Tuesday, March 30, 2010

Timberdoodle, Bogsucker, Night Partridge

One personal sign of spring's arrival that I enjoy is the spectacular display of the American Woodcock coming from the prairie meadow behind my home.  This year was a bit later than normal, more an indication of my indoor habits of late as opposed to the weather. Although we have had some mild weather in mid March it was just last night at dusk that I heard the familiar call.

  March 23, 2007

A couple of year's ago I took my camera out and managed to get a few images of the woodcock as he performed in the meadow. The technique I used to get close was fairly simple. First, I'd do my best to figure out where the calls originated. When the bird flew up to do his aerial song, I would rush over to be near that spot, crouch, and wait for him to return.  I found that woodcocks usually have a favourite spot on the ground that is fairly open and will return to that spot when they finish their flight display.

Tuesday, March 9, 2010

The Owl Box (continued)

As posted back in January I have been waiting for a day when the screech-owl is away from the nest box so I can replace the old structure with the nice new box.  Last week I noticed that the owl wasn't looking out the box at dusk so I planned to check the box on the weekend and hopefully install the new box. Sunday I climbed the ladder and took a quick photo to see if the owl was present.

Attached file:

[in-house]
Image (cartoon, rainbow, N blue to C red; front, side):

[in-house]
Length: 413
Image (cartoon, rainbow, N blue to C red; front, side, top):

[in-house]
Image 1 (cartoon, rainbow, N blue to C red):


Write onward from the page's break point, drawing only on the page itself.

At first I thought that the presence of an Eastern Gray Squirrel in the box was excellent news as I now I could take the box down, trim back some surrounding branches,  install the new box, and wait for the owl to move back in to a fresh box. The squirrel could have only been present for a few days at most so I hoped the owl would move back in quickly.  
However, much to my dismay, I heard the distinctive sound of a baby squirrel coming from inside the box. A quick peek in the box showed something tiny and hairless so the young are just a few days old at most. It will be about two months before the young are weaned and ready to leave the nest. Hopefully I'll get the new box up before next winter.

Thursday, March 4, 2010

Wild Sumaco, Ecuador

Many-spotted Hummingbird

Napo Sabrewing
Wild Sumaco Lodge is in the foothills, at about 1400 ft in elevation. The most memorable bird seen here was a small understory species that represented a new family for me, Chestnut-crowned Gnateater. Wild Sumaco also had great hummingbird feeders. In addition to the two species pictured above we also had great looks at Gray-chinned Hermit, Violet-headed Hummingbird, Golden-tailed Sapphire (very common), Ecuadorian Piedtail, Black-throated Brilliant, Gould's Jewelfront and five other species!

This small Ornate Snail-eating Snake was found high in a tall shrub one night.

We almost caught a caecillian along one of the forest trails but it was so slippery that I couldn't hold on to it as it burrowed into the leaf litter. The +30 inch long individual pictured above had been hit by a vehicle. Legless and almost blind these weird amphibians spend most of their time underground.

This small snake was caught along the Piha Trail but I have not been able to identify it.